Sunday, 31 May 2015

nedarim 2

the many ways to shun the other and not get any benefit from them. no matter what order you put it.

goodbye mesechet ketubot

goodbye mesechet ketubot.... this section begins with asking who has responsibility for the betrothed bride whose wedding has been delayed. Who will give her food and drink? It ends with stories of the miraculous produce of the land of Israel. Gargantuan fruits and grains, enough to sustain a nation of abandoned brides.

I was always led to believe that the ketubah, the marriage document, was instituted by the rabbis to protect the vulnerable women, so that they would have property should the marriage end in divorce, or her husband dies first. But steadily, bit by bit, the property isn't really hers. She has to contest it with the orphans, some of whom might be her own children. At one point in the discussion they note that the ketubah was paid in money, but those funds were too readily available to those who might be quick to anger and divorce. So the ketubah was kept in land, which is not so easily sold. And if she would want to sell it, she is paid in installments by the court.... many times over these months I have wanted to argue back - It's HER money!!! not the courts, or the heirs. but hers. These were the legal conditions she entered the marriage, and yet what should be hers is legally withheld from her.

Another bit of rabbinic cognitive dissidence, is when it is remarked that perhaps treating a wife badly would make her want to leave, and so one shouldn't do it. (e.g. distrusting her and making her swear an oath that she won't steal if he makes her a steward in his business) - the rabbis tell themselves that one wouldn't choose to live with a snake in a basket. Meaning, that no one really wants to stay in an abusive situation. I don't expect Talmudic rabbis to have the sensitivity of today with respect to domestic abuse situations, and why people 'choose' to stay with abusive spouses. But I do expect them to listen to their own words. Because also repeated throughout this tractate is an argument that a woman prefers to be married than single, even to an idiot, or a poor man who cannot provide food. (It is amazing how much of this is about food...) Because he gives her status in society.  In this society, the rules are such that single, divorced, or widowed women are vulnerable, find it hard to access their money and support themselves. They exist on the margins and the objects of pity and charity. These are rules of society that the rabbis discuss, refine and legislate.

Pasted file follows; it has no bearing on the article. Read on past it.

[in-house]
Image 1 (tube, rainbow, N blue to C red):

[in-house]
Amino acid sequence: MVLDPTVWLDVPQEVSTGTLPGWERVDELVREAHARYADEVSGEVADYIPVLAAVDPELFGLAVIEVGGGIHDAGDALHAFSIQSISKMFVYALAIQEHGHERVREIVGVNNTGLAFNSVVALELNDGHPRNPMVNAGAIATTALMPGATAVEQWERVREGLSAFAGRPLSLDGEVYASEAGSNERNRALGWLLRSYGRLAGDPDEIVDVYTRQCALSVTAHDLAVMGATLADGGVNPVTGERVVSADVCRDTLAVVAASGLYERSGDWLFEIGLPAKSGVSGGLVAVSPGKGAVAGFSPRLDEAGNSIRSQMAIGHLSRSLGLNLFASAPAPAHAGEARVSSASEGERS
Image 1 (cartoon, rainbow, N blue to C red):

Yet again I have faced the question: why am I learning this stuff.... and have found it hard to write up my thoughts and drawings every day. (Hence the huge chunk that I have posted today) But I keep coming back to the same answer. These difficult texts are not easy to walk away from. They form the basis for Jewish life and law, containing stories and discussions that are an ongoing conversation in beitei midrashim, academic halls and synagogues, online, and even art studios. Between the religious, the critical, the searching and the curious. I could read these texts with a sense of contextualisation - isn't it fascinating how society worked back then. But mainly I read these text with a sense of outrage that women weren't part of the discussions. How much could have been different if only women had the right of reply when certain assumptions were being made, or at least been better informed as to how the law worked, what questions to ask and how to manage one's resources... My stopping this learning won't silence the texts and make them a lesser part of the tradition. All it would do is silence my voice and prevent me being part of the conversation.

And so I picked up the ink-stick, ground it against the stone, dissolving it in water, and made the grey washes, and formed my reply. It's just not a voice I really wanted broadcast every day. Sorry.

ketubot 112

the fertility of the land, even the burial sites - but there's no guarantee of entry. Just ask the man buried, lost on the mountain.

ketubot ends discussing how fertile the land of Israel, even Hebron which is rocky and so used for burial. there is a story of a rabbi who was so keen to enter  he didn't wait for the ferry to cross the water. He was anxious as he didn't want to assume he was better than Moshe and could enter Israel.

ketubot 111

the land where the dead come back to life fully dressed, and the trees are heavy and sticky.

but the heartbroken ones die alone.